Apologies for skipping out of the office for the weekend while wolf news was brewing, but for the record, WDFW confirmed a fifth group of wolves in Washington late last Friday afternoon, a pack that we reported on July 11.
State officials believe there are three pups with a pair of adults in the Smackout Pass area west of Ione and the Pend Oreille River. They caught, ear-tagged and released one of the pups.
It’s the second time this year that a dot has been added to the agency’s statewide map of pack locations. Earlier this month, WDFW released information on the Teanaway wolves, based on the capture and radio-collaring of a lactating female.
The Teanaway female has since been determined to be related to the Lookout Pack, 135 road miles to the north in western Okanogan County. In 2008, Lookout became the state’s first officially confirmed pack in 70 years, though may have had pups the year before based on two reports of seven to nine wolves in the area as well as allegations in Federal court papers that William “Bill” D. White of Twisp, Wash., was looking for information on how to snare wolves in late 2007 and hunting them in early 2008.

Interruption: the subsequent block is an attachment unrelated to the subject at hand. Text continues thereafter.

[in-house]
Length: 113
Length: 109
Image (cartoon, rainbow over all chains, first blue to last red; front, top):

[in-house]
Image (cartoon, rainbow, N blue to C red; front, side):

Later next week, a final wolf management plan/environmental impact statement will be delivered to the Fish & Wildlife Commission during a 10-4, Thursday, Aug. 4 meeting in Room 172 of the Natural Resources Building, 1111 Washington Street SE, in Olympia.
There will be a chance for the public to comment on the plan and wolves there and at three more meetings over the coming months, including in Ellensburg, Tuesday, Aug. 9, and Olympia, Thursday, Oct. 6 and Thursday, Nov. 3.
The presence of a fifth pack moves the species closer towards delisting from state protections and, potentially, hunts. At present, the draft plan requires 15 breeding pairs spread in certain numbers over the western two-thirds of the state for three years in a row.
And the fun just never ends with wolves: Tomorrow in a court in Montana, a Federal judge will hear arguments on the constitutionality of this spring’s Congressional delisting of wolves from ESA coverage in eastern thirds of Washington and Oregon as well as Montana and Idaho.